Above 85 degrees - Forget it... run for fun

               

               

               

              I think this is a bit more complex than that. I definitely don't slow by 20% at 80-85 degrees. Actually, if I run at really low HR's, then my pace doesn't really get affected compared to colder weather. I find if I run at lower than 160bpm or so, then 80-90 degrees heat doesn't affect the pace or my body much.  I usually don't try running if it's over 90 Smile I go out in the evenings and it's rarely past 90 then. Note it's usually dry weather... that sure helps.

               

              180-age pace (150-155 HR) for me is around 9:30 now and that's not affected by much in summer, seems virtually the same at 55F and at 80F. Above 80-85F it does slow a bit but I didn't try to check exactly how much, it's not a lot of slowing even at 90F.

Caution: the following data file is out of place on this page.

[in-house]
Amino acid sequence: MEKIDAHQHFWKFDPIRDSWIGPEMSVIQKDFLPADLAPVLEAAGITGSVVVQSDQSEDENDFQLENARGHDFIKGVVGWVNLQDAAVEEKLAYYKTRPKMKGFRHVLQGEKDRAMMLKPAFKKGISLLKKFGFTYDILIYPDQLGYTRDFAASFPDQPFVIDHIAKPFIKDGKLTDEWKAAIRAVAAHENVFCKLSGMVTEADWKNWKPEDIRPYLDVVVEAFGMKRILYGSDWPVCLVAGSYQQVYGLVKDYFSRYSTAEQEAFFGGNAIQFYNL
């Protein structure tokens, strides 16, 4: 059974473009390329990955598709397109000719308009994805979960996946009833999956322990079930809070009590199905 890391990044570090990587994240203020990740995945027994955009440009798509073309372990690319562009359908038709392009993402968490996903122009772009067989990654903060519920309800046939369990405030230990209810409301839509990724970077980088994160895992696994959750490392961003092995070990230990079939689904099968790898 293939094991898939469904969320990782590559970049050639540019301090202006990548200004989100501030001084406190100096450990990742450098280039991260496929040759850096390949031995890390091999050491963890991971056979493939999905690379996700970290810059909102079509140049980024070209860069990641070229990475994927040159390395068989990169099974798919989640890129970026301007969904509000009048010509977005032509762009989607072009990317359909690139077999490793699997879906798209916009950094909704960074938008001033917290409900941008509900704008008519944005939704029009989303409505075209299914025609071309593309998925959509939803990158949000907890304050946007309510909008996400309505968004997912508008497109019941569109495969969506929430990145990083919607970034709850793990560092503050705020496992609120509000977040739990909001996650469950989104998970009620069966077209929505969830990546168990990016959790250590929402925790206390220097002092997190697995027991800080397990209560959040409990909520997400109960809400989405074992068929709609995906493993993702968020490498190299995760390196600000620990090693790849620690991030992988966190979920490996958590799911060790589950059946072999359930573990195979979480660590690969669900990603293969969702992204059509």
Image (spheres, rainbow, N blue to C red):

Faster pace/higher HR is different... I tried 8:30 pace in 95F recently (it wasn't evening, I ran with a friend late afternoon, bad idea Smile ) and that killed me, overheating, HR going up crazy and all that crap. In 80F I can currently run that pace at 165-170 HR, not sure about cold weather but last time I checked in spring it was not very different but maybe I improved since then? :P. On that hot day in 95F at this 8:30 pace, HR went past 180 after just a few miles, the HR itself wasn't as bad as the overheating though Smile This would be then around 12% slowing going from 80F to 95F in theory (going by what pace would belong to that HR at 80F). In practice it's infinite slowing because I could not keep up the run after a few miles.